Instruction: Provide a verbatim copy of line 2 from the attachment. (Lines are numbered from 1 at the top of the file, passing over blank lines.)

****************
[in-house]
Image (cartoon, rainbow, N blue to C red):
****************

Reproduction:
Image (cartoon, rainbow, N blue to C red):